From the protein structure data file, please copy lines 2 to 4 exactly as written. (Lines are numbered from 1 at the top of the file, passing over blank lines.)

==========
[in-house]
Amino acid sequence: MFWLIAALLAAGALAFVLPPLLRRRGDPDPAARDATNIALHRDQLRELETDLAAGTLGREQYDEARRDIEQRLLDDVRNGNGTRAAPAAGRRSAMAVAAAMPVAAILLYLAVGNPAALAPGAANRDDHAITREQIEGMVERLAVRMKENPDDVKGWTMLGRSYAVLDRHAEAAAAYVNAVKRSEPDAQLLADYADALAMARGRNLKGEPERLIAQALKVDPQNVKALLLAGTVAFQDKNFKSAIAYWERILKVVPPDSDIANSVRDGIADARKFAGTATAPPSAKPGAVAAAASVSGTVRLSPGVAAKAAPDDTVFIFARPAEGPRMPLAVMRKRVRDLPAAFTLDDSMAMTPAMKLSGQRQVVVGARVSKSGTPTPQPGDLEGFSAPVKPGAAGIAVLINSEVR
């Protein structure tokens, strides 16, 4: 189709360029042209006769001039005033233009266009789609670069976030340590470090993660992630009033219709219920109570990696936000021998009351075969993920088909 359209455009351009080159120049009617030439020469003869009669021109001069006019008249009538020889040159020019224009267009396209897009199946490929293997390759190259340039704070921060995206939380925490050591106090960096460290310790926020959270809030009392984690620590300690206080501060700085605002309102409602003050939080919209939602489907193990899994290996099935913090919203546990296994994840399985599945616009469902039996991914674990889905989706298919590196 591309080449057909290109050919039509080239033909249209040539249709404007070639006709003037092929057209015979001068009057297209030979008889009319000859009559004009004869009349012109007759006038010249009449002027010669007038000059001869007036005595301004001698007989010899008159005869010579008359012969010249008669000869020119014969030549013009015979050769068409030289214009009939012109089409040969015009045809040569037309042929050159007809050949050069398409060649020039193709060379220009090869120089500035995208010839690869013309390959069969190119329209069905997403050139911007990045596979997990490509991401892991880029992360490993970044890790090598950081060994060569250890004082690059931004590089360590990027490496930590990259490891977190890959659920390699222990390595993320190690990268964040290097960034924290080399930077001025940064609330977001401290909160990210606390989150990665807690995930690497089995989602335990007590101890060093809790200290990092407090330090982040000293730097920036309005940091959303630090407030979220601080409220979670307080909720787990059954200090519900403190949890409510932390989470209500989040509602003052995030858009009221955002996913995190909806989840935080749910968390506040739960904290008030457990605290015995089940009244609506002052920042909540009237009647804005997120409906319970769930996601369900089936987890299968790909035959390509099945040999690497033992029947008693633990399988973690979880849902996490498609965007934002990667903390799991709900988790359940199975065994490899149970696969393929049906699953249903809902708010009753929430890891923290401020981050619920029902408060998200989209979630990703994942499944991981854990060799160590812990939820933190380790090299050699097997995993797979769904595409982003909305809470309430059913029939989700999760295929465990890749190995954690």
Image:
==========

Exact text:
Amino acid sequence: MFWLIAALLAAGALAFVLPPLLRRRGDPDPAARDATNIALHRDQLRELETDLAAGTLGREQYDEARRDIEQRLLDDVRNGNGTRAAPAAGRRSAMAVAAAMPVAAILLYLAVGNPAALAPGAANRDDHAITREQIEGMVERLAVRMKENPDDVKGWTMLGRSYAVLDRHAEAAAAYVNAVKRSEPDAQLLADYADALAMARGRNLKGEPERLIAQALKVDPQNVKALLLAGTVAFQDKNFKSAIAYWERILKVVPPDSDIANSVRDGIADARKFAGTATAPPSAKPGAVAAAASVSGTVRLSPGVAAKAAPDDTVFIFARPAEGPRMPLAVMRKRVRDLPAAFTLDDSMAMTPAMKLSGQRQVVVGARVSKSGTPTPQPGDLEGFSAPVKPGAAGIAVLINSEVR
């Protein structure tokens, strides 16, 4: 189709360029042209006769001039005033233009266009789609670069976030340590470090993660992630009033219709219920109570990696936000021998009351075969993920088909 359209455009351009080159120049009617030439020469003869009669021109001069006019008249009538020889040159020019224009267009396209897009199946490929293997390759190259340039704070921060995206939380925490050591106090960096460290310790926020959270809030009392984690620590300690206080501060700085605002309102409602003050939080919209939602489907193990899994290996099935913090919203546990296994994840399985599945616009469902039996991914674990889905989706298919590196 591309080449057909290109050919039509080239033909249209040539249709404007070639006709003037092929057209015979001068009057297209030979008889009319000859009559004009004869009349012109007759006038010249009449002027010669007038000059001869007036005595301004001698007989010899008159005869010579008359012969010249008669000869020119014969030549013009015979050769068409030289214009009939012109089409040969015009045809040569037309042929050159007809050949050069398409060649020039193709060379220009090869120089500035995208010839690869013309390959069969190119329209069905997403050139911007990045596979997990490509991401892991880029992360490993970044890790090598950081060994060569250890004082690059931004590089360590990027490496930590990259490891977190890959659920390699222990390595993320190690990268964040290097960034924290080399930077001025940064609330977001401290909160990210606390989150990665807690995930690497089995989602335990007590101890060093809790200290990092407090330090982040000293730097920036309005940091959303630090407030979220601080409220979670307080909720787990059954200090519900403190949890409510932390989470209500989040509602003052995030858009009221955002996913995190909806989840935080749910968390506040739960904290008030457990605290015995089940009244609506002052920042909540009237009647804005997120409906319970769930996601369900089936987890299968790909035959390509099945040999690497033992029947008693633990399988973690979880849902996490498609965007934002990667903390799991709900988790359940199975065994490899149970696969393929049906699953249903809902708010009753929430890891923290401020981050619920029902408060998200989209979630990703994942499944991981854990060799160590812990939820933190380790090299050699097997995993797979769904595409982003909305809470309430059913029939989700999760295929465990890749190995954690």
Image: